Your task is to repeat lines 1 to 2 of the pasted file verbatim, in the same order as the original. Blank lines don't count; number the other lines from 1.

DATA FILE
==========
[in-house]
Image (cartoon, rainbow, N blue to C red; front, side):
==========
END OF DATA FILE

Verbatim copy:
[in-house]
Image (cartoon, rainbow, N blue to C red; front, side):